By Katharine Webster and David Perry
Around the world, people are trying to adapt to the new reality of life in the time of coronavirus. It’s an ever-shifting landscape of uncertainty, dominated by an unseen enemy. Many people who are hunkering down and practicing social distancing are turning to the arts to reduce isolation and soothe the mind and soul.
UMass Lowell faculty, going through their own adjustments during this time of disruption, have some advice for those looking for entertainment, diversion, enrichment or simply an escape.
“People need to feel connected right now. And I think the humanities provide a special space of comfort for people in moments of stress, chaos and confusion,” says Maia Gil’Adi
, assistant professor of English
and Latinx literature. “There are great resources out there.”
Libraries – both UMass Lowell’s and local libraries − offer rich troves of online resources that can be downloaded for free. To check what’s available through UMass Lowell’s libraries
, search under the “Catalog” tab for digital copies of books. There are also “libguides” on literature
that you can browse for reading ideas.
“We’re also part of the Commonwealth Collections
, which allows UML community members to borrow from Overdrive through many of the (library) systems in the state,” says librarian Sara Marks. “It's my favorite way to get popular ebooks and audiobooks.”
Many online booksellers offer classics for free or for just $1. You can buy the entire works of Mark Twain, Jane Austen or Charles Dickens on Kindle for $5 to $10 apiece.
For historical perspective in the form of fiction dealing with epidemics, mad science and more, go Gothic. English Prof. Todd Avery
and Assoc. Prof. Bridget Marshall
, who both teach courses in Gothic literature, suggest classics with dark disease themes, including Charlotte Bronte’s “Jane Eyre” (madness and a typhus epidemic), Mary Shelley's “Frankenstein” (scientist whose creation turns on him) and Bram Stoker's “Dracula” (vampirism – fictional, but at the time it was written, many people believed in vampires).
Marshall and Avery also recommend more contemporary works, including Marshall’s favorites: “St. Lucy’s Home for Girls Raised by Wolves” and “Vampires in the Lemon Grove,” both short stories by Karen Russell.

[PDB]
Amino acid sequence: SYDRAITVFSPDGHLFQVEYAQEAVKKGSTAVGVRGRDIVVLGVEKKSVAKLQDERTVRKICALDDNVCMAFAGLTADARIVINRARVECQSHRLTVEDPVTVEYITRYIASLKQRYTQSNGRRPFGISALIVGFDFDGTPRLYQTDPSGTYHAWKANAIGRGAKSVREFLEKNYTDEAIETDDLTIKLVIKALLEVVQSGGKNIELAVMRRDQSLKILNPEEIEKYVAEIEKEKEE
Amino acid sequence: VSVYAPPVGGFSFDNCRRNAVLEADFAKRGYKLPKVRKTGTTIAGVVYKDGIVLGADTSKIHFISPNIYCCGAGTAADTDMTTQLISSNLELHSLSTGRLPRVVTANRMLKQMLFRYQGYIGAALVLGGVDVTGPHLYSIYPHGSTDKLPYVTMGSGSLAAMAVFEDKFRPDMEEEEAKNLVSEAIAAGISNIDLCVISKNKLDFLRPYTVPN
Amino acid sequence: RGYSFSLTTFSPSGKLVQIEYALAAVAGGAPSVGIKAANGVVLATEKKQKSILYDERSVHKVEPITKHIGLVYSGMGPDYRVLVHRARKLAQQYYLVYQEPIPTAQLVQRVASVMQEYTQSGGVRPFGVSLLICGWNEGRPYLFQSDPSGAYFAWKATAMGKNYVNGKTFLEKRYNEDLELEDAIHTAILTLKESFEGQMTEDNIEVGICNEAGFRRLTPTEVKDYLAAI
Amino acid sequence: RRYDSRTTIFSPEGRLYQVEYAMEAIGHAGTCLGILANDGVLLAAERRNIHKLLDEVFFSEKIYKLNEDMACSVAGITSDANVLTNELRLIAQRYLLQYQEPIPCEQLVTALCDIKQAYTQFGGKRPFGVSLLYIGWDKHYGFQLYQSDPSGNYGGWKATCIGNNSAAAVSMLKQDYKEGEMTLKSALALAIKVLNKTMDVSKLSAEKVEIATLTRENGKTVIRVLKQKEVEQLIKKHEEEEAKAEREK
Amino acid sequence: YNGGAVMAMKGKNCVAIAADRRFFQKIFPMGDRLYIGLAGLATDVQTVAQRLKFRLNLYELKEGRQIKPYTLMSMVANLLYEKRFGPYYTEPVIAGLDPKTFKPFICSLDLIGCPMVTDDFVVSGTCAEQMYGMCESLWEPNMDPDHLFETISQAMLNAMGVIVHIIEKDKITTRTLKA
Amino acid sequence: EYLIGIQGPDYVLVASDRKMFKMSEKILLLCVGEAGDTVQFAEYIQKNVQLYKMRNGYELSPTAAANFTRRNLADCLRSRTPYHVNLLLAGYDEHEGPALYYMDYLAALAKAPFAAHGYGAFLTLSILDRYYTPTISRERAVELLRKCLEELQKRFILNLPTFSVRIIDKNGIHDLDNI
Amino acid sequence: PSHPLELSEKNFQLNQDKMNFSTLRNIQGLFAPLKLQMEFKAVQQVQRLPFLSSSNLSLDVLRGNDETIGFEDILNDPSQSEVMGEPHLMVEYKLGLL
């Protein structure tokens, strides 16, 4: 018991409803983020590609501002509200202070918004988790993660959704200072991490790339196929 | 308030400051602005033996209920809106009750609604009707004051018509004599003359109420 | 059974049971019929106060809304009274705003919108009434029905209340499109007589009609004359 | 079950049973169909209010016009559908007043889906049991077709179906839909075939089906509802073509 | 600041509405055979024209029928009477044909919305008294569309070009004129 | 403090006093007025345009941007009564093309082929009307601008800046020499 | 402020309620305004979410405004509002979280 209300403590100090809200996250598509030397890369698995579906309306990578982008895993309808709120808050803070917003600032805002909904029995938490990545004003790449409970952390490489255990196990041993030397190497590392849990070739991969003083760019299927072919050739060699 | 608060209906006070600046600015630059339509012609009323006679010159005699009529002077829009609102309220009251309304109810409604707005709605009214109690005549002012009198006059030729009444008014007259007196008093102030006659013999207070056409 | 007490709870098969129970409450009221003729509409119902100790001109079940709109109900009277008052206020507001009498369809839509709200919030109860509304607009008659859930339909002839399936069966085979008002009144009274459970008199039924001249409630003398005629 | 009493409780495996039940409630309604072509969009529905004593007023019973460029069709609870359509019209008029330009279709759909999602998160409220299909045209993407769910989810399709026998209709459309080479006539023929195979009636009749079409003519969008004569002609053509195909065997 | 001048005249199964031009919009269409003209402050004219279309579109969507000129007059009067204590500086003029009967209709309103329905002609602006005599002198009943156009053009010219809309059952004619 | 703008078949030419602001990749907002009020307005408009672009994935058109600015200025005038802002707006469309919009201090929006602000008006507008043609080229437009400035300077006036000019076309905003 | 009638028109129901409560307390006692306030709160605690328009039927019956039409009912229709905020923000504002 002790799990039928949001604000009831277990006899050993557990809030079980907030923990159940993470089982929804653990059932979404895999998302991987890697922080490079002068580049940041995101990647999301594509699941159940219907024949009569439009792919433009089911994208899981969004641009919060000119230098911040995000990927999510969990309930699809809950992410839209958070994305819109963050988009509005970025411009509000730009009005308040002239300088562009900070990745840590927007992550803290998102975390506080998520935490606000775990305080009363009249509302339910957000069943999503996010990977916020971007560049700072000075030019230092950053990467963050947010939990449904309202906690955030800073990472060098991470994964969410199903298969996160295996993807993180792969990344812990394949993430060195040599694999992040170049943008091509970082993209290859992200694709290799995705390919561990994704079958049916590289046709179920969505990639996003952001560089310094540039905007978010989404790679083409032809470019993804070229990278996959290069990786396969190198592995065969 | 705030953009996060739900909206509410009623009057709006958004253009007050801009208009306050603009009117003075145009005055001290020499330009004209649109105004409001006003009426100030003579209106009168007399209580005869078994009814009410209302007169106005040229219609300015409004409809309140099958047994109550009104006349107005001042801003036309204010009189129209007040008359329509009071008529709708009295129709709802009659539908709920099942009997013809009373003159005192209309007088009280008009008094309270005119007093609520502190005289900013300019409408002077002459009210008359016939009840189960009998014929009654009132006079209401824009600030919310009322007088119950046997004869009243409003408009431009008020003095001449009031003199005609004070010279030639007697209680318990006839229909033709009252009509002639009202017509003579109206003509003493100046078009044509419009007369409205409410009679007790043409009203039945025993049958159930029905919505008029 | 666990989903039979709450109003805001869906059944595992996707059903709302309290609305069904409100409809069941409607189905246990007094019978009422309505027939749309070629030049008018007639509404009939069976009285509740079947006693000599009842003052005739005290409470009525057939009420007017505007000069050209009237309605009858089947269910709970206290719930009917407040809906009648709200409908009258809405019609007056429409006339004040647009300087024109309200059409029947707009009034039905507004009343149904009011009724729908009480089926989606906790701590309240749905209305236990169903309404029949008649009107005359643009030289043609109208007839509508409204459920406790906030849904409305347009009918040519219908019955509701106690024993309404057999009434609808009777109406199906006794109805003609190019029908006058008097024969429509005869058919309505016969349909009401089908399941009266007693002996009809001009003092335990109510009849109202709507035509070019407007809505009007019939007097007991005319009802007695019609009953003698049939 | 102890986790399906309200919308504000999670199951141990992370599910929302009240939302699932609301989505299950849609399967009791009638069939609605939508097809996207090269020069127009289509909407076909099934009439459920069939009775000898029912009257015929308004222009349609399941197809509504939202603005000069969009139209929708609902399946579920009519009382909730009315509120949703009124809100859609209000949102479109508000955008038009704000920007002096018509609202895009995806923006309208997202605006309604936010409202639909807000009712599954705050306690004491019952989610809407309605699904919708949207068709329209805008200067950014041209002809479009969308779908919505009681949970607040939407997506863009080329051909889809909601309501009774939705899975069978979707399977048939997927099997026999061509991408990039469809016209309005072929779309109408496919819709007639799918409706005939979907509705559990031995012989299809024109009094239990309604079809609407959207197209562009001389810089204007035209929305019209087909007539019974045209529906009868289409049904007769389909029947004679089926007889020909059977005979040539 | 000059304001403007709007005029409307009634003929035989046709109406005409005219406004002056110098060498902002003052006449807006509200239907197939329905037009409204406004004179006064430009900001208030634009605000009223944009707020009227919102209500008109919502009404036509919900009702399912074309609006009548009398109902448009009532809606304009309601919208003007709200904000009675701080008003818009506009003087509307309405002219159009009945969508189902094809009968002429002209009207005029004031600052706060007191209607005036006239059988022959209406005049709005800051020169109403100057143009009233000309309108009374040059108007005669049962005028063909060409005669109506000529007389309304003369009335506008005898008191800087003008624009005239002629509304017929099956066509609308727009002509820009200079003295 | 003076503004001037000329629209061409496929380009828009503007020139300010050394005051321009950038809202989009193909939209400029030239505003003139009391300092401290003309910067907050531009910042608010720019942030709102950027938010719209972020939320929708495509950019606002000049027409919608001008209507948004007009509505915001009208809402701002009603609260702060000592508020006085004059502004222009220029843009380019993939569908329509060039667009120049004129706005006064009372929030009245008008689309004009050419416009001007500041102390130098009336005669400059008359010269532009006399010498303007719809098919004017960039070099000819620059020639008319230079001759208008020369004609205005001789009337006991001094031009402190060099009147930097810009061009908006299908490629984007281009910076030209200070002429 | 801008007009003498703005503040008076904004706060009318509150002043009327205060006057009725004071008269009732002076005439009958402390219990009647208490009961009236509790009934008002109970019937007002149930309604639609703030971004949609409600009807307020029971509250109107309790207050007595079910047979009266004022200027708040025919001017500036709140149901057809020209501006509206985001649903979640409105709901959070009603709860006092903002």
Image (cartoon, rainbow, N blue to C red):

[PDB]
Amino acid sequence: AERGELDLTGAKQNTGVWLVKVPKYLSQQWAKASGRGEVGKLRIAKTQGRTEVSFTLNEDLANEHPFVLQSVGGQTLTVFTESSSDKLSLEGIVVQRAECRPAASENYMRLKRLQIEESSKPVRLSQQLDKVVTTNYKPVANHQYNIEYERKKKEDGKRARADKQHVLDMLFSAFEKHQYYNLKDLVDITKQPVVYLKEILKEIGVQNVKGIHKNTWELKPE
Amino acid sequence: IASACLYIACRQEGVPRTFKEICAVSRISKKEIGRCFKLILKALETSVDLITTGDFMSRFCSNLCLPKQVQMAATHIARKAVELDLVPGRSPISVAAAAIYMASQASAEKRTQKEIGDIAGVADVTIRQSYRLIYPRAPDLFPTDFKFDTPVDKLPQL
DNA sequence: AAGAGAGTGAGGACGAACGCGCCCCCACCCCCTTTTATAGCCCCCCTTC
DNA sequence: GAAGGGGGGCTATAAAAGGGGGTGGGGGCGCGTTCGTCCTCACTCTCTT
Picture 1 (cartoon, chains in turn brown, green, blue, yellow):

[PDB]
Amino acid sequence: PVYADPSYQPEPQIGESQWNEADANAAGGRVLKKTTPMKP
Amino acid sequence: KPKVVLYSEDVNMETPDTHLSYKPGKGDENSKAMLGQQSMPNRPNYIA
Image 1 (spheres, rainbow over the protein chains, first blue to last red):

“They are both awesome and would be the top of my reading list for these days,” Marshall says. “They are fabulous short stories set in weird, off-kilter worlds.”
Avery recommends “The Andromeda Strain,” by Michael Crichton, a popular novel (which was also made into a film) about a potential end-of-the-world epidemic that’s more dangerous than COVID-19. Right now, Avery says, he is reading Albert Camus’s “The Plague,” about an epidemic sweeping the French Algerian city of Oran.
Gil’Adi recommends “Saving the World,” a new book by Julia Alvarez that includes a story within a story about the Spanish expedition of orphans who carried the smallpox vaccine to Spain’s territories in Africa and the Americas.
If poetry’s your thing, the Poetry Foundation
offers a poem of the day, along with hundreds of other poems, poet biographies and other information. You can also search for the award-winning poets on UML’s creative writing faculty, Assoc. Profs. Sandra Lim
and Maggie Dietz
, and read their work.
Beyond books, Gil’Adi also recommends the following enlightening entertainment:
Study the Bugs
, chair of the Art & Design Department
, recommends watching online live performances, which many musicians and others are streaming for free. And, she notes, you don’t have to be famous to share your art on social media.
“I think Facebook- and Instagram-type hangouts are going to keep the students sane. Just posting artwork and telling your friends that you’ve seen them and their work and that you care about it is helpful,” she says.
When it comes to online art exhibits, Wetmore spends time on the websites of major museums and checks out magazines like “Hyperallergic”
for art news. She also suggests stepping away from the computer and going outdoors for relief – and beauty.
“I tend to climb into my backyard and study the bugs and late daylight,” she says. “It’s relaxing.”